Tyler Baras’ book, DIY Hydroponic Gardens, provides information on choosing, building, planting and maintaining over a dozen hydroponic growing system so that plants can be grown anywhere. Written for beginners as well as experienced hydroponic gardeners, the book gives step by step directions for building systems that range from simple to complex so that gardeners can customize their system to meet their own special needs. Photographs and diagrams illustrate all aspects of building and maintaining the various systems so guess work is minimized.

After defining hydroponics and discussing its key features and advantages, Baras goes on to describe the needed equipment and gives suggestions for choosing the best options depending on the goals of the gardener. He then details the various hydroponic systems so that gardeners can tailor their system to their specific location, crop, and aesthetics. Included is bottle hydroponics, floating rafts, wicking bed, nutrient film technique, top drip system, media beds, flood and drain, aeroponics, and vertical gardens. For each system, the tools and material needed for assembly are listed, and detailed directions are given for building, feeding and aerating the system. Possible problems are discussed and options are described. An inset gives the suitable location, size potential, electrical requirements, and crops for which each system is best suited. Subsequent chapters deal with starting seeds and cuttings, nutrition and nutrient management, flushing and cleaning the system, and potential problems including pest infestations and nutrient deficiencies. A glossary and appendix giving crop selection charts complete the work. The glossary is especially noteworthy as it details the growing requirements for herbs, peppers, tomatoes, strawberries, and many different kinds of greens, with recommendations and comments on specific varieties/cultivars.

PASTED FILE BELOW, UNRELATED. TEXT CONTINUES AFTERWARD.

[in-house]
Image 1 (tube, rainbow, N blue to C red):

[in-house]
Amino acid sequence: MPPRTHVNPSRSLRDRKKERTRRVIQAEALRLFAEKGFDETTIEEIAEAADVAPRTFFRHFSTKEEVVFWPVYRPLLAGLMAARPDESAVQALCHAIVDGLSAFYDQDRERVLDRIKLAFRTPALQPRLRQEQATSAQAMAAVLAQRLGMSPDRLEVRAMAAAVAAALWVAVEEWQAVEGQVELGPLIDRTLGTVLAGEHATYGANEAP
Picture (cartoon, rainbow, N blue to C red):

Although not a hydroponic gardener, I was impressed with the breadth of the content and found the information fascinating and informative. The list of materials and tools, plus the detailed photos of the building process allowed me to vicariously experience the creation of the various systems and gave me the confidence to think about trying some of the systems. My only criticism is the small gray print of the text. Why is this color print so popular when it is hard to read?

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